The advertising industry is awash in proposals for third-party cookie alternatives. But Google says it’s sitting out most of them because it doesn’t think they have a future.
“We just don’t see some of the solutions being proposed as durable for the long term,” Google Ads VP and GM Jerry Dischler told AdExchanger before the Google Marketing Live event this week.
“What consumers want is for us to take a higher privacy position,” he said.
For example, Google takes a strict no fingerprinting stance. And in March, when Google indicated that it wouldn’t support the Unified ID 2.0 initiative, the move sent shockwaves through the ad tech industry as it grappled with what Google’s non-participation would mean for the future of email-based ad IDs.
But constraints aren’t necessarily a bad thing, Dischler said, drawing a comparison to mobile.
People saw mobile as a “constrained platform,” he said. But once they embraced mobile, and tailored what they were doing to consumer preferences, innovation took off.
“Every industry has constraints,” Dischler said. “We need to do as well as we can within those constraints, and we’re optimistic that advertising has a bright future in a privacy-safe model based on great technology.”
So, what does Google see as a long-term durable solution for measurement and audience targeting? It’s not surprising that Google is all in on the Privacy Sandbox, which is being incubated by Chrome within the W3C.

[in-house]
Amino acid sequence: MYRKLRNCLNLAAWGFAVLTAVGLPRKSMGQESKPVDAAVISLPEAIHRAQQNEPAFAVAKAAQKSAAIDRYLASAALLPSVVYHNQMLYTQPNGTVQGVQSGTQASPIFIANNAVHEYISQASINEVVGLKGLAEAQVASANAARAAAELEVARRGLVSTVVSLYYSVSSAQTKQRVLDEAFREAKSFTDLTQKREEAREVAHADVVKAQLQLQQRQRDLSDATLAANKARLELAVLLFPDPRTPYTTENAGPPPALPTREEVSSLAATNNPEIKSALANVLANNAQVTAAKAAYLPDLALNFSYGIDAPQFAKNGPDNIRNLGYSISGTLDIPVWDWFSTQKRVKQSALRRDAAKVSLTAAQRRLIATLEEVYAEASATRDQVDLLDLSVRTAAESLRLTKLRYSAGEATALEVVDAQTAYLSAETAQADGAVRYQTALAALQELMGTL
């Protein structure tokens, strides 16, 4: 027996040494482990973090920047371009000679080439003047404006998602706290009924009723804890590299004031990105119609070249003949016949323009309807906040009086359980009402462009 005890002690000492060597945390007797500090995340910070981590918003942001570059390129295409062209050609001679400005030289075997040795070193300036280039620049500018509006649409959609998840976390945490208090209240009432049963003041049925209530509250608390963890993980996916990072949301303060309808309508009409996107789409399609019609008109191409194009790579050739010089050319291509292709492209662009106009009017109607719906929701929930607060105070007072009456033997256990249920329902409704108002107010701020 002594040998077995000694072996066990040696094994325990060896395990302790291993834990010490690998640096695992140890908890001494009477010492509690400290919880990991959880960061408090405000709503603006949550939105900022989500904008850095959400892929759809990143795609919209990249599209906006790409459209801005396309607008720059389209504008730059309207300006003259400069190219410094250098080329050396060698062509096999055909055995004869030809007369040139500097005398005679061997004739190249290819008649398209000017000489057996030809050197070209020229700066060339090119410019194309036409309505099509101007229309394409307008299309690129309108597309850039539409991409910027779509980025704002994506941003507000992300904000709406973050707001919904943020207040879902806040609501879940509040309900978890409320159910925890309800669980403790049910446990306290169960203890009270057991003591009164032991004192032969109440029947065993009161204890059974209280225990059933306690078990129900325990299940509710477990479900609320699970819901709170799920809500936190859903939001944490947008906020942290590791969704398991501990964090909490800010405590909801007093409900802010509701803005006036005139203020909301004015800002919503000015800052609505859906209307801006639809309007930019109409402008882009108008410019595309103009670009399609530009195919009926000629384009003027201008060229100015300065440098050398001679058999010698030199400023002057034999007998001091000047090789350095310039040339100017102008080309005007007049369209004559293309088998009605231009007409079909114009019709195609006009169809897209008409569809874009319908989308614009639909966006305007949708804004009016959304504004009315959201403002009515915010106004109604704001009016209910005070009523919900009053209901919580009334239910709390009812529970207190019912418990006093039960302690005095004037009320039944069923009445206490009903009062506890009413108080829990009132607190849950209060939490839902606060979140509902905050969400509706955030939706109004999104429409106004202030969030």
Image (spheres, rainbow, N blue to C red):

“That’s where we’re putting all our efforts,” Dischler said.
Marketers, he said, have had enough of dealing with privacy and regulation.
“What we’re hearing from advertisers is they want to get back to marketing,” Dischler said. “All this privacy stuff, with GDPR and some of the movements the platforms are making and CCPA, [marketers] had to become experts in an area that is not marketing.”
Google has been investing in weaving automation into its tech so that it can do more of the heavy lifting for advertisers, from choosing the right ad creative to targeting.
During COVID-19, these systems didn’t go haywire.
“Anytime you’ve got statistical systems, the big question is, when you have a black swan event, do they work?” Dischler said. “Every single one of those systems held up and, in fact, those advertisers had better outcomes.”
But many marketers still aren’t completely comfortable with automation. Data is helping to bridge that gap, though.
“We’ve actually expanded the number of insights that we give back to our marketers to give them confidence in our systems and also more broadly to help their business,” Dischler said.
The pandemic-induced leap in transformation
“Every business is an online business,” Dischler said. Multichannel retailers that viewed online as an accessory business or a loss leader could no longer hold those views once the pandemic began in earnest.
“All those arguments have been lost,” he said.
When it comes to Google’s advertising business, marketers are increasingly willing to branch out of TV and go online to reach consumers with their branding dollars.
“Finally, we’re seeing a broader acceptance of online as a way to access audiences across the funnel,” said Dischler. He has been with Google for nearly 16 years, but only stepped into the ads GM role in June 2020, less than four months after lockdown orders hit in the US.
The rate of change due to COVID has been stunning to watch, he said: “I started working in advertising in 2009, and I haven’t really seen a time of greater transformation or experimentation than last year.”